Place-marker cotton reels

Place-marker cotton reels

 

OK, so here’s the article…

 

Think laterally this year and make your own beautifully thrifty Christmas decorations.

1. Use what you have in the cupboard.  Jazz up sewing materials; coax a paper-clip into a circle with some jewellery pliers and position in a cotton reel to make a jauntily festive place-marker. Or thread buttons onto looped wire for a napkin ring, finished with a scrap-fabric bow. Turn functional kitchen items decorative; upend a jam jar to create a voguish snow globe*, and hang cookie cutters as tree bling.

Jam-jar snow globe

Kitchen bling

 

2. Display kitchen ingredients. Pull dried cinnamon sticks and star anise out of the spice cupboard to look and smell the part. String fresh red chili peppers this Christmas and they’ll slowly dry for your cooking throughout 2013.

3. Gather natural objects. Bring in pinecones and garden greenery.

4. Recycle broken paperbacks. Cut page lengths into 2.5cms /1”-wide strips. A pair of children’s scalloped craft scissors gives a fancier edge. Glue or staple strips into loops to form a paper chain.

Book paper chains

Old book paper chains

 

5. Turn newspapers into hearts. Old wrapping paper, greetings cards and catalogues also work for heart garlands. Consider investing in a specialist cutter (like a giant hole punch) if you’re making lots; good but slower results come from drawing round a template, such as a heart-shaped cookie cutter, and cutting out with scissors. Machine-stitch hearts together vertically or horizontally, with gaps close or wide to suit. Red thread sets it off nicely.

Upcycled garlands

Before: a newspaper, a sweater, a scarf, a map

 

6. Upcycle old clothes. Transform a precious wool garment accidentally felted in the wash into another pretty garland. Cut out graded circles (3 slightly different sizes look good). Arrange rounds pleasingly before stitching together on a sewing machine. Strengthen with a second line of stitching before decking the halls.

 

Scrap paper and felt garlands

Deck the halls with… junk!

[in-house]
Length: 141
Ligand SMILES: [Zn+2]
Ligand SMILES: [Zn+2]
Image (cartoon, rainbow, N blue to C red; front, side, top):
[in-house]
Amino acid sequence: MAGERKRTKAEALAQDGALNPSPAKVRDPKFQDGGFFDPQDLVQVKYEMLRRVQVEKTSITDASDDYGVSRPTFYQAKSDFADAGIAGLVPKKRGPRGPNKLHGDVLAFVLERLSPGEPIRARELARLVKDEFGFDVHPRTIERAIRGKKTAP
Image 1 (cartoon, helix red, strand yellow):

I’m selling packs of 100 pre-cut book-page links in my Etsy store. I am also happy to supply you with finished chain, if you prefer. You can  see some of the finished paper-chain currently decking the halls of Topping Books, Bath, where you might also be interested in a lovely event this Thursday 6th December with Scandinavian Christmas author Trine Hahnemann, 6-9pm.  I’ll be there, sniffing the lingonberry gin fizz! Hope to see you.

 

* snow globe remarkably similar to this one spotted in Anthropologie, Chelsea for c, £22 pounds. Dear Reader, make your own!

 

 

 

10
comments

Dec 15

Christmas at War

I’m going to be making-do-and-mending with the Museum of Bath at Work this Saturday, helping them to celebrate a World War II-style Christmas. Pop by between 10am and 4pm on Saturday 17th and you’ll likely find me wreathed in brown-paper chains with a ton of darning mushrooms and other selected vintage notions, including some gorgeous Fair-Isle knitting patterns. The museum’s usual entrance fee applies, but you’re guaranteed to really get in the mood; re-enactment group the Blitz Buddies will be there, and I hear there will be music and dancing to make the experience come alive. Incidentally, this event kicks off the 70th anniversary commemorations of the Bath Blitz next year. Bath was bombed as part of the retaliatory Baedeker raids on 25th and 26th April 1942. You can find out more at the Bath Blitz Memorial Project. If you have memories of Bath during the war, the museum would be delighted if you’d come along on Saturday and share them.

The Christmas at War organisers have broken it to me gently that I’m expected to dress the part. I’ve decided to go land-girl style, sporting a Fair-Isle tank top. Fair-Isle knitting was a great way to use up stray odds and ends of yarn (one had to unpick worn-out knitted garments and re-knit) but its popularity during World War II possibly owes as much to an interesting rationing loophole: whereas knitting wool was rationed (two ounces of knitting yarn took one precious clothing coupon), mending cards not exceeding one ounce were exempt. Yarn producers cottoned on to this and duly produced mending cards in an array of colours to meet the demand. Cunning, eh?

Mrs. Sew-and-Sew darns

There were, of course, five Christmases celebrated while the nation was at war. The festivities of 1939 weren’t so different from those pre-war, though new blackout restrictions ended the sight of lit Christmas trees in front windows. Rationing hadn’t kicked in yet, and people spent quite freely on gifts, in spite of the Chancellor’s injunction not to be wasteful.